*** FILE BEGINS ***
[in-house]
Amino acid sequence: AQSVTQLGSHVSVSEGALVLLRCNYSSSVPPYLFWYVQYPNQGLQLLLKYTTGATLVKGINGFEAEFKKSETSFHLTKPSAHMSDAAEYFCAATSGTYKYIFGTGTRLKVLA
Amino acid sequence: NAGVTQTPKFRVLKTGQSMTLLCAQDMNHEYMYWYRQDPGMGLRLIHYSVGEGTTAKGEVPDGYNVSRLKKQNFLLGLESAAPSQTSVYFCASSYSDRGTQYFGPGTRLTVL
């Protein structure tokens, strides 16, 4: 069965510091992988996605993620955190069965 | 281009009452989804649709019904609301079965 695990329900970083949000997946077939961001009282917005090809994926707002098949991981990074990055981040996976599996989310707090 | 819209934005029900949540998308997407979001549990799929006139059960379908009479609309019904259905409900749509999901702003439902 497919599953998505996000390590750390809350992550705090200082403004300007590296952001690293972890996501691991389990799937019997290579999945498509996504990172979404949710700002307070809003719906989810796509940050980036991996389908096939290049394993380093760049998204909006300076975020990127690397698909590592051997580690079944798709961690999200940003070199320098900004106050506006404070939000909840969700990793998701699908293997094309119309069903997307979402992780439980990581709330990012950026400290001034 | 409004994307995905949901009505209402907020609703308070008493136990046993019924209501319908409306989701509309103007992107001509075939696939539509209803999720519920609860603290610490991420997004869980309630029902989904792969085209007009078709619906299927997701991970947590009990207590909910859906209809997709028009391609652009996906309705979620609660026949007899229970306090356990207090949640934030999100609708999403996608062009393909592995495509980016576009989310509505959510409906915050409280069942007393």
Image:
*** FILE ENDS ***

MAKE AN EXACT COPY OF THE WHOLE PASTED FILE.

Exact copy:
[in-house]
Amino acid sequence: AQSVTQLGSHVSVSEGALVLLRCNYSSSVPPYLFWYVQYPNQGLQLLLKYTTGATLVKGINGFEAEFKKSETSFHLTKPSAHMSDAAEYFCAATSGTYKYIFGTGTRLKVLA
Amino acid sequence: NAGVTQTPKFRVLKTGQSMTLLCAQDMNHEYMYWYRQDPGMGLRLIHYSVGEGTTAKGEVPDGYNVSRLKKQNFLLGLESAAPSQTSVYFCASSYSDRGTQYFGPGTRLTVL
């Protein structure tokens, strides 16, 4: 069965510091992988996605993620955190069965 | 281009009452989804649709019904609301079965 695990329900970083949000997946077939961001009282917005090809994926707002098949991981990074990055981040996976599996989310707090 | 819209934005029900949540998308997407979001549990799929006139059960379908009479609309019904259905409900749509999901702003439902 497919599953998505996000390590750390809350992550705090200082403004300007590296952001690293972890996501691991389990799937019997290579999945498509996504990172979404949710700002307070809003719906989810796509940050980036991996389908096939290049394993380093760049998204909006300076975020990127690397698909590592051997580690079944798709961690999200940003070199320098900004106050506006404070939000909840969700990793998701699908293997094309119309069903997307979402992780439980990581709330990012950026400290001034 | 409004994307995905949901009505209402907020609703308070008493136990046993019924209501319908409306989701509309103007992107001509075939696939539509209803999720519920609860603290610490991420997004869980309630029902989904792969085209007009078709619906299927997701991970947590009990207590909910859906209809997709028009391609652009996906309705979620609660026949007899229970306090356990207090949640934030999100609708999403996608062009393909592995495509980016576009989310509505959510409906915050409280069942007393």
Image: